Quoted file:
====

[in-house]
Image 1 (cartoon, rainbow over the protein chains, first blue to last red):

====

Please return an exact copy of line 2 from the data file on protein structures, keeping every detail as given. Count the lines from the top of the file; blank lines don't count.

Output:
Image 1 (cartoon, rainbow over the protein chains, first blue to last red):